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Commencement
 

What They Said

Excerpts from Commencement speeches

 

 

 

Linda G. Toohey
Linda G. Toohey

Linda G. Toohey 
Skidmore Board of Trustees Chair

When you first arrived at Skidmore, I’m sure many of you only had a vague vision of this day, but from that day to this day, we the Skidmore community have been observing your growth, your strength, your aptitude, your creativity, and your swelling intelligence. In a very few moments we will be unbelievably proud to call you alumni.

You walk into a world that needs leadership, insight, intelligence. Through your energy and hard work and the education you’ve allowed yourself to achieve and absorb at Skidmore, we know you are prepared to take on the challenges that are presented to you the moment you leave the campus, for the rest of your life.

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Philip A. Glotzbach
Philip A. Glotzbach

Philip A. Glotzbach
Skidmore President

A college community is a place where we forge what are often our first adult friendships—ones that, quite literally, will last across our entire lifetime and that grow more meaningful with each passing year. Marie and I frequently meet alumni from decades past who have maintained their Skidmore friendships for 40, 50, 60 years, or more. …

We could say that the ensemble of one’s friendships constitutes a kind of micro-community. At a time when the world can so easily break one’s heart on matters that are truly important or even those that are trifling in the larger scheme of things, we can always turn to the members of that micro-community for affirmation, for support, for a reminder that community matters and that there are other people who absolutely will stand with you. They always will have your back. See to it that, as a true friend, you stand with your friends and always have their back as well.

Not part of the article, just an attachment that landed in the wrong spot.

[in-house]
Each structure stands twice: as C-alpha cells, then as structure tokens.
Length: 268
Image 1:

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Julian Bond
Julian Bond

Julian Bond
Teacher, Author, Activist

Wherever you may go from here—if there are hungry minds or hungry bodies nearby, you can feed them. If there are precincts of the powerless poor nearby, you can organize them. If there is racial or ethnic injustice, you can attack and destroy it.

By this ritual today, you are about to be officially enrolled in an elite within our nation – the community of educated women and men. As you go forward from this place, we all hope you will do well. But we hope you will also do good.

You must place interest in principle above interest on principal.

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Sallie W. Chisholm
Sallie W. (Penny) Chisholm '69

Sallie W. (Penny) Chisholm '69
Biological Oceanographer

This is your day, and I suspect I should be trying to share with you some pearls of wisdom, or inspire you to go forth and make the world a better place. Try as I might, I could only come up with clichés. So instead I’ve decided to share with you a parable I once read, from a commencement address by David Foster Wallace, that left a deep impression on me. It goes something like this:

Two young fish are swimming along one day and come across an old fish. He nods and says, "Morning, kids. How's the water?" The young fish swim on until they are out of earshot. Then one turns to the other with a puzzled look, and says, "What the hell is water?"

The point is that it is often the most important realities of our world that we have trouble seeing. We are so self-absorbed, so distracted, so lacking in awareness in our day-to-day lives that we miss the most important dimensions of being human—of being alive.

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Soraya Attia
Soraya Attia '15